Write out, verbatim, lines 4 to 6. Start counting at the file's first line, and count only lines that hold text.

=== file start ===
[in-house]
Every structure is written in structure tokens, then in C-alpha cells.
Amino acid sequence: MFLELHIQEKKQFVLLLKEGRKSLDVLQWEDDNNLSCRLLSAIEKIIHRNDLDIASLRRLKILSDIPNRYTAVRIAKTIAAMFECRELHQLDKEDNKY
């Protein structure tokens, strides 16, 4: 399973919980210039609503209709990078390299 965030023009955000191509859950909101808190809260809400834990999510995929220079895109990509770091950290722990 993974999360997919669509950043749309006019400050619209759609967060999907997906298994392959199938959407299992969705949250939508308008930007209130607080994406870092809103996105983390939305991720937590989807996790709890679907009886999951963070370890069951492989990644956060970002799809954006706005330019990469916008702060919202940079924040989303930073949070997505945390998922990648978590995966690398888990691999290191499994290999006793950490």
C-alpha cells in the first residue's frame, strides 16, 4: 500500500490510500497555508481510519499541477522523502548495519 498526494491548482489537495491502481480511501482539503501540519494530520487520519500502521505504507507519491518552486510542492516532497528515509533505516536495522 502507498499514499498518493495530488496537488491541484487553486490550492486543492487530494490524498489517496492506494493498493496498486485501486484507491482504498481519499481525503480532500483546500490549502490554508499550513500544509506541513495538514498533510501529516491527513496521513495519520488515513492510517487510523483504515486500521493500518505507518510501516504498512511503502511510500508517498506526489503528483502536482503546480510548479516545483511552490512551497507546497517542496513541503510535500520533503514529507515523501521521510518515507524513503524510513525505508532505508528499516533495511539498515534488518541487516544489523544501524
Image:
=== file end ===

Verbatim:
């Protein structure tokens, strides 16, 4: 399973919980210039609503209709990078390299 965030023009955000191509859950909101808190809260809400834990999510995929220079895109990509770091950290722990 993974999360997919669509950043749309006019400050619209759609967060999907997906298994392959199938959407299992969705949250939508308008930007209130607080994406870092809103996105983390939305991720937590989807996790709890679907009886999951963070370890069951492989990644956060970002799809954006706005330019990469916008702060919202940079924040989303930073949070997505945390998922990648978590995966690398888990691999290191499994290999006793950490």
C-alpha cells in the first residue's frame, strides 16, 4: 500500500490510500497555508481510519499541477522523502548495519 498526494491548482489537495491502481480511501482539503501540519494530520487520519500502521505504507507519491518552486510542492516532497528515509533505516536495522 502507498499514499498518493495530488496537488491541484487553486490550492486543492487530494490524498489517496492506494493498493496498486485501486484507491482504498481519499481525503480532500483546500490549502490554508499550513500544509506541513495538514498533510501529516491527513496521513495519520488515513492510517487510523483504515486500521493500518505507518510501516504498512511503502511510500508517498506526489503528483502536482503546480510548479516545483511552490512551497507546497517542496513541503510535500520533503514529507515523501521521510518515507524513503524510513525505508532505508528499516533495511539498515534488518541487516544489523544501524
Image: